Saturday, July 10, 2010

The Ancestry of Mimar Sinar

The ancestry of Mimar Sinan, the famous architect responsible for building numerous mosques throughout 16th-century Ottoman Turkey [including Sultanahmet ("The Blue Mosque") and Suleymaniye in Istanbul], has long been subject to debate. The architect is said to have been Greek and Armenian while some Turkish nationalists have long insisted in his pure Turkish patrilineage. It was no doubt this insistence that led zealous Turks to dig up his grave in the 1930s and remove his skull from the rest of his remains in order to finally prove his "Turkishness." From Hurriyet Daily News:
According to Professor Selçuk Mülayim from Marmara University, the corpse of Mimar Sinan, best known for the 16th-century Süleymaniye Mosque in Istanbul, was taken from its modest tomb next to that building Aug. 1, 1935, in order to measure the famed architect’s skull.

Documents show that the team, headed by Turkish Historical Society Director Hasan Cemil Çambel, society member Şevket Aziz Kansu and historian Afet İnan, conducted the excavation in an hour, Mülayim told the Hürriyet Daily News & Economic Review recently.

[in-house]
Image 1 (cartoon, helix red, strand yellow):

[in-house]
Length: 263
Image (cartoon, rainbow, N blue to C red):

“The purpose was to prove he was an ethnic Turk,” the professor said. “Kansu took measurements with compasses and other tools and from these measurements it was decided that he was an ethnic Turk.”

At the time of the team’s foray into the tomb, there was a rising appreciation of Mimar Sinan in Europe, where people were increasingly claiming that the great architect could not have been Turkish, Mülayim said. “The excavation was an answer to these claims.”

To this day, few members of the Turkish public know that the man hailed as the greatest of Ottoman architects was actually a Muslim convert of Armenian origin.

Following the excavation of Sinan’s tomb, the Turkish Historical Society team took its findings to Mustafa Kemal Atatürk, the founder of the Turkish Republic. “He refused to look at the results, saying, ‘Instead of measuring his skull, make a statue of the architect,’” Mülayim said.

The idea that Sinan’s skull is missing from his tomb is not a new one, but one that many experts have avoided repeating in public.
For more on the construction of Turkish identity, click here. Though Turkey has come a long way, defensive notions of "Turkishness" are still at the heart of much of the country's identity politics.

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